Well that remains to be seen, but there are several artifacts that lead me to believe there is a good chance that the University of Florida class of 2014 will be looked back upon as a watershed class. Before we get to the reasons, I’d like to address some recruiting topics that came up and were heatedly debated as signing day drew near.
Coffee is for Closers
Thus according to Alec Baldwin’s character in “Glengarry Glen Ross.” And in the month of February, many Gator fans have been snapping at Will Muschamp to “Put That Coffee Down!” Keeping with the going meme that he cannot close. That’s a very general statement, but in this context it is used in a very narrow sense: signing prospects who are either uncommitted or committed to other schools on National Signing Day (NSD).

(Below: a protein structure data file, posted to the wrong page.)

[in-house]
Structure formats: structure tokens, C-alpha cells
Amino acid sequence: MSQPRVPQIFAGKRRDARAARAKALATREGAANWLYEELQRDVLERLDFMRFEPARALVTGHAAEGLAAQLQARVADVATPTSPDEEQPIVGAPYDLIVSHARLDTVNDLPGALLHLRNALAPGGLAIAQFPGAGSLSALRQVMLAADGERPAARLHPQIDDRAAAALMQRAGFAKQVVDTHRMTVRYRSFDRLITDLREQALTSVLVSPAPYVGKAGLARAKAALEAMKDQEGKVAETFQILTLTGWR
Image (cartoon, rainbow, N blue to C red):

Right off the top, let me say that I hate the concept that closing only happens on signing day or even the last weekend. It’s a penny-shallow, 1-second-attention span view of the concept. In my book, closing means closing the deal on the most important targets of a class. I don’t care if it’s the first week of February for this class or the third week of February for next year’s class. Closing the recruits on the top of the board is the game.
One reason I put such low stock in closing on NSD is the nature of the prospects left on the board. The guys who wait until NSD to commit are almost always one of two animals. They are either (1) kids who are indecisive, all over the map with their leans and can’t be pinned down because they simply can’t make up their minds, or (2) kids who have known for a long time where they are going and just say what coaches want to hear so they can take all their visits and enjoy the process and the parties.